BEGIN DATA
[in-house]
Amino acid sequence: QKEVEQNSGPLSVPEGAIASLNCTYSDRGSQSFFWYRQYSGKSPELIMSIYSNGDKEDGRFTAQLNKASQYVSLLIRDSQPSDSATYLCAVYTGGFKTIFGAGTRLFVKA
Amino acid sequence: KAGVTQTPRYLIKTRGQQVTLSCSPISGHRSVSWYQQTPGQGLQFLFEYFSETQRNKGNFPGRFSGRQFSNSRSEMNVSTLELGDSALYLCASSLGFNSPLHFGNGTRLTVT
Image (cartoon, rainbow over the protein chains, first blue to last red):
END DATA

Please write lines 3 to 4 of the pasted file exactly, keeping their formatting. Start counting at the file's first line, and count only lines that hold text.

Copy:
Amino acid sequence: KAGVTQTPRYLIKTRGQQVTLSCSPISGHRSVSWYQQTPGQGLQFLFEYFSETQRNKGNFPGRFSGRQFSNSRSEMNVSTLELGDSALYLCASSLGFNSPLHFGNGTRLTVT
Image (cartoon, rainbow over the protein chains, first blue to last red):